No one wanted to buy an apartment for sale in Suzhou, Jiangsu Province, China, because it was thought to be haunted. A court ordered that a man be hired to stay there for 24 hours and livestream his experience, in order to prove to potential buyers that nothing bad will happen to them. And nothing happened, while 40,000 people watched the man go about his business, eating, sleeping, and exercising in the apartment. Afterward, the apartment went up for auction, with an asking price of 1.2 million yuan (US$187,319), which is only two-thirds the cost of similar properties in the area. Still, no one placed a bid! The last owner of the apartment fell into deep debt from gambling. He committed suicide, which convinced others that he was probably still hanging around. Authorities said they will try again to auction off the apartment to pay those debts. -via Boing Boing#realestate #haunted #China
Explaining iBuying and Zillow's Failed Offers
If you talk to any real estate agent, or anyone trying to buy or sell a home, you'll hear, "The housing market is crazy now." Houses are selling for above the asking price, quickly, and often without inspections. It's the law of supply and demand. There are not enough homes for the people who want a place to live, which explains supply. But there are also buyers who are not people, which skews the demand. An example of this is Zillow, who until recently was buying up inventory with their Zillow Offers division, using a concept called iBuying. Here's the short version of iBuying: Zillow (or any other company) uses a “automated valuation models,” or AVM, to figure out what a house is worth. These are algorithms that consider many data points like the location, size, and age of a property. It also needs to be tweaked by humans who keep an eye on the housing market and predict what property will be worth, say, six months from now. They company buys up any house it can in a booming market, then sells those houses at a higher price to Wall Street investors, like hedge fund managers, who have plenty of money to spend and don't mind paying inflated prices because their plan is to rent these houses out, which is more profitable than selling them.You can see how this plan can be both a driver of the volatile housing market and a victim of it. While iBuying accounts for only about 1% of the overall housing market, its effects vary by location. About 10% of homes in Phoenix, Arizona, are currently being bought through iBuying.Zillow announced earlier this month that it was closing Zillow Offers and laying off 2,000 employees, which is a quarter of Zillow's entire workforce. Their predictions in the volatile market led the company to buy way too many houses, which tied up cash and then then lost money when those houses ended up selling below their cost. Read a further explanation of iBuying and what went wrong for Zillow at Gizmodo. (Image credit: alanharder.ca via Wikimedia Commons)#realestate #housingmarket #iBuying #Zillow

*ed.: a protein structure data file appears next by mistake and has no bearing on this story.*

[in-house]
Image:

You Can Now Buy the Wes Craven Nightmare On Elm Street House for $3.25 Million
If you are a fan of Wes Craven's A Nightmare on Elm Street movies, you would probably recognize this house as the one where Nancy Thompson had some pretty bad dreams, in both the original 1984 movie and in the '85 sequel A Nightmare on Elm Street 2: Freddy's Revenge. The Los Angeles home that was used for filming the outside shots has been a popular destination for Freddy Kreuger fans ever since. And now it can be yours! The home is listed at Douglas Elliman for $3,250,000, and the realtors will accept bids only until Halloween. Alas, the address is not on Elm Street, but on North Genesee Avenue.
A Look Inside the Narrowest House in New York City
The narrowest house in New York City has its own Wikipedia page. The Millay House at 75½ Bedford Street is only 9'6" wide. On the inside, the widest part is only 8'7", but there are narrower parts. And it's on the market now for just under $5 million. For that, you get a whole lot of celebrity history and a whole lot of narrow stairs to climb.
This Michigan Castle For Sale is the Perfect Place to Re-enact Game of Thrones
A property for sale in Rochester, Michigan, is a 10,790-square-foot castle on six acres with medieval features to fulfill your wildest fantasies! It has a 50-foot-tall spiral staircase, secret passages and hidden rooms, a drawbridge over a moat, a dungeon, and more. As you can imagine, it's the talk of the town as it goes on the market.
For Sale: Boston’s Skinny Spite House
The Skinny House in Boston's North End is only ten feet wide, and much of that is taken up by stairs to access its three floors and roof deck. There are places inside where the walls are barely six feet apart! However, the tiny piece of property is in a great location and comes with some history ...and notoriety.This home is reportedly a “spite house”—a building designed to stymie another construction project or bug neighbors by blocking sunlight or stamping out their view. Many spite houses were “constructed in the days when building codes were lax,” urban journalist John Metcalfe once reported for CityLab, “and so their underlying contempt and animosity has been grandfathered into the modern landscape.” These odd little properties are likely to be found in old neighborhoods, where the street grid was once jagged and might still be irregular today.Read the story behind the Boston Spite House at Atlas Obscura, and if you're interested, see the listing here.#realestate #Boston #skinnyhouse #spitehouse